Chief Architect Officer – The role of the innovators

“Study the science of art. Study the art of science. Develop your senses, especially learn how to see. Realize that everything connects to everything else.”

Leonardo Da Vinci

I was convinced that I would become an Architect since I was little. I loved how they created beautiful structures with a strong purpose out of nothing, just from the ground.

But my father was an architect and he advised me that in Spain, the construction bubble would eventually explode and working as an architect wouldn’t be great anymore. So I studied Industrial Engineering, joining the club of the “frustrated architects”. 😉

But, hey, hold on !!! I soon discovered that as an Engineer, I could work as a Business Consultant, which is a mixture of a Doctor and an Architect, diagnosing where the issues in a company came from and how to build processes, organizations and tools that eventually could make things get better for those corporations.

Just talking about Architecture, I remember my father saying that the most complicated work when building is designing effective joints. No matter how well designed your construction is, if you are not able to plan successful joints between different elements of the building, soon water would penetrate, or cracking on the surface would happen.

And the same principle applies to many other areas in life:

  • Athletes often get their joints injured (e.g. knee, elbow, wrist, ankle).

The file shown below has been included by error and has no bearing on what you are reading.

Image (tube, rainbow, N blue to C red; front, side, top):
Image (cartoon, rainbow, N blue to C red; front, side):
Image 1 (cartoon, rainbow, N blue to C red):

• Oxidation always happens first on the welding area of two metal sections.
  • Transmission bands were among the first severe damages in old cars.
  • Water always becomes turbulent when two streams join (e.g. two rivers).
  • Infections penetrate through open wounds.

Same as in life, any business is also affected by the laws of physics. Areas where two colliding forces join, are always the weakest:

  • Strategy execution often fails when middle management is not skilled, knowledgeable or empowered to transmit the vision from C-level to the workforce.
  • In mergers and acquisitions, when two different business cultures collide, chances are high that the new corporation won’t end up beautifully.
  • Silos and divisions between different business units are normally driving overall corporate failure.
  • Integrations and interfaces are the weakest elements in any IT systems project.

In these circumstances, I’ve always seen Innovators as “architects building bridges and removing borders”. They connect the dots, they make people from different disciplines work together, they hack siloed cultures, they break barriers, they bring together knowledge from different areas, they connect with the external ecosystem, they remove friction here and there.

Most of the worldwide challenges ahead are also a matter of how to manage potentially painful transitions, how to remove borders and build effective joins or elegant bridges. COVID has accelerated many paradigmatic changes, but underlying issue of how to solve transitions is still there:

  • Energetic Transition is about how to make affordable and plausible the renewable sources while avoiding a sharp decline in traditional energies that could damage economies and leave them without time to adapt to the new normal.
  • Autonomous vehicles biggest challenge is how to make standard cars and unmanned automobiles coexist while the transition happens.
  • Hybrid workplaces and new ways of working success will very much depend on how effective connection and collaboration between colleagues is wired.

Successful companies will be those that will manage change by embracing ecosystems (customers, suppliers, distributors, competitors, government agencies,…), building bridges between different  geographies, teams and cultures.

The innovators will be the new “Chief Architect Officers”, but instead of using bricks and mortar, they will use knowledge and talent.

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